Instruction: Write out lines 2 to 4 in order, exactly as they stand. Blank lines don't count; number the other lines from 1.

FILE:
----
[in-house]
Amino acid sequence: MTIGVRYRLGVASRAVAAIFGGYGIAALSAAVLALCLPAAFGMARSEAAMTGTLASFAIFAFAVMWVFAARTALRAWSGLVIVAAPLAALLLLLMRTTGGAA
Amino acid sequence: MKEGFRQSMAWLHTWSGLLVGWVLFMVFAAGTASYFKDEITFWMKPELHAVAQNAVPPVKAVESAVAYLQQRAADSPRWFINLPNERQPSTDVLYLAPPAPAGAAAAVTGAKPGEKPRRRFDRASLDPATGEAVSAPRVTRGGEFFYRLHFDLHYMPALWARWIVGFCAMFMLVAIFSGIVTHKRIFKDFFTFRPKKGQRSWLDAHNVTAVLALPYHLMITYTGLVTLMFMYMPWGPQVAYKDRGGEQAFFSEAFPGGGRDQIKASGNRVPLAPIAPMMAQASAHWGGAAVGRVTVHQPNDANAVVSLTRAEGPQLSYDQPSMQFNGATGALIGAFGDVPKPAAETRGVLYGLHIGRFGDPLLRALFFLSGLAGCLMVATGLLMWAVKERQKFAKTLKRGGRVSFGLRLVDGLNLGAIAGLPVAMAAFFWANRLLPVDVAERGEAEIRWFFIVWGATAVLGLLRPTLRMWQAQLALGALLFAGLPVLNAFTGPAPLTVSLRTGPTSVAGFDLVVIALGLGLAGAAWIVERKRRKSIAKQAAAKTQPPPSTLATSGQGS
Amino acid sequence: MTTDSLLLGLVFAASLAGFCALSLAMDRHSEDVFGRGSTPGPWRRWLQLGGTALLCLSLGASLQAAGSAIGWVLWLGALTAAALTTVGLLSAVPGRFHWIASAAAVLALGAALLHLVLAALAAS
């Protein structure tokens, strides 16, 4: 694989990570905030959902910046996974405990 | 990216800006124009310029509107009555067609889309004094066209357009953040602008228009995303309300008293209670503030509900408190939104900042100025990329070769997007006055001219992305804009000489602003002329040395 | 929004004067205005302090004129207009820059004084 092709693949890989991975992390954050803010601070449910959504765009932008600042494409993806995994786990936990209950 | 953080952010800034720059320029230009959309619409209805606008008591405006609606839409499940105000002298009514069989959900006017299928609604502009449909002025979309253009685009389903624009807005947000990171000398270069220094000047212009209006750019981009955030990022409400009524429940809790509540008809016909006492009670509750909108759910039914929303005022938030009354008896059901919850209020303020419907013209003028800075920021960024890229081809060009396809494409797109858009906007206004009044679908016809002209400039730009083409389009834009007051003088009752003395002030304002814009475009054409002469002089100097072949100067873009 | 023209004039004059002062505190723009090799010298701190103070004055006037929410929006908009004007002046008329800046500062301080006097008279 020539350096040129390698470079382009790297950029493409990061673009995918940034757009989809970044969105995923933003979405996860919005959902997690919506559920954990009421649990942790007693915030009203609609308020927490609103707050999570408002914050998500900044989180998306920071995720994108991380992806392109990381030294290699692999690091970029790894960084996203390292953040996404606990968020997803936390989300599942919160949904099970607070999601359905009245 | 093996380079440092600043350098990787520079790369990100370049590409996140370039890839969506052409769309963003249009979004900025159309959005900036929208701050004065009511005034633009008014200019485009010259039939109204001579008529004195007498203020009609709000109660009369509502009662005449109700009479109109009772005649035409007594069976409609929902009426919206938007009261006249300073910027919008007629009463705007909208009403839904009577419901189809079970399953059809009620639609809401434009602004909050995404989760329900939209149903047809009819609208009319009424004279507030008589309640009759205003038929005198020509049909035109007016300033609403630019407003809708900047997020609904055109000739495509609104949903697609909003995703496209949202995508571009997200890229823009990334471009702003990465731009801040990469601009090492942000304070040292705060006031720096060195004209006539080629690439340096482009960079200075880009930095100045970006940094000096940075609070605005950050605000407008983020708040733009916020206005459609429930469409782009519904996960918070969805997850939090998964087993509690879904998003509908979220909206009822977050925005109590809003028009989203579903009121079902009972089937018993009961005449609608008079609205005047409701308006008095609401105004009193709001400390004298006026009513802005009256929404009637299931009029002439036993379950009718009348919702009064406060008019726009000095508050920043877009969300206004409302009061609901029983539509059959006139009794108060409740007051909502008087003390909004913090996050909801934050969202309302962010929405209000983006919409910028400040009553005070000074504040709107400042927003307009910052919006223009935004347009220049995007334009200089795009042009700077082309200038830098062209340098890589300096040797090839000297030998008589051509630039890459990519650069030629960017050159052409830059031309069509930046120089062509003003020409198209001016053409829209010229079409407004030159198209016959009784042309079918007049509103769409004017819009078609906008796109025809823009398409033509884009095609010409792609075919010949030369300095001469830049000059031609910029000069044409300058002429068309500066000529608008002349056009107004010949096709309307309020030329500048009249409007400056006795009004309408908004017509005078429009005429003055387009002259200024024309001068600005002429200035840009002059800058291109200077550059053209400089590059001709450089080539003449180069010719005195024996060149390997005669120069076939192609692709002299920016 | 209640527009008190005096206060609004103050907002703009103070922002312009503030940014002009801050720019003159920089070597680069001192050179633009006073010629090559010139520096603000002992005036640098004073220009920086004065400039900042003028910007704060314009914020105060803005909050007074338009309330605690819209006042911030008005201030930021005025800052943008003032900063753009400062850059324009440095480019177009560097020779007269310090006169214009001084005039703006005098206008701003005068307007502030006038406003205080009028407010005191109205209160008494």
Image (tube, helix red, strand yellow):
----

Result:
Amino acid sequence: MTIGVRYRLGVASRAVAAIFGGYGIAALSAAVLALCLPAAFGMARSEAAMTGTLASFAIFAFAVMWVFAARTALRAWSGLVIVAAPLAALLLLLMRTTGGAA
Amino acid sequence: MKEGFRQSMAWLHTWSGLLVGWVLFMVFAAGTASYFKDEITFWMKPELHAVAQNAVPPVKAVESAVAYLQQRAADSPRWFINLPNERQPSTDVLYLAPPAPAGAAAAVTGAKPGEKPRRRFDRASLDPATGEAVSAPRVTRGGEFFYRLHFDLHYMPALWARWIVGFCAMFMLVAIFSGIVTHKRIFKDFFTFRPKKGQRSWLDAHNVTAVLALPYHLMITYTGLVTLMFMYMPWGPQVAYKDRGGEQAFFSEAFPGGGRDQIKASGNRVPLAPIAPMMAQASAHWGGAAVGRVTVHQPNDANAVVSLTRAEGPQLSYDQPSMQFNGATGALIGAFGDVPKPAAETRGVLYGLHIGRFGDPLLRALFFLSGLAGCLMVATGLLMWAVKERQKFAKTLKRGGRVSFGLRLVDGLNLGAIAGLPVAMAAFFWANRLLPVDVAERGEAEIRWFFIVWGATAVLGLLRPTLRMWQAQLALGALLFAGLPVLNAFTGPAPLTVSLRTGPTSVAGFDLVVIALGLGLAGAAWIVERKRRKSIAKQAAAKTQPPPSTLATSGQGS
Amino acid sequence: MTTDSLLLGLVFAASLAGFCALSLAMDRHSEDVFGRGSTPGPWRRWLQLGGTALLCLSLGASLQAAGSAIGWVLWLGALTAAALTTVGLLSAVPGRFHWIASAAAVLALGAALLHLVLAALAAS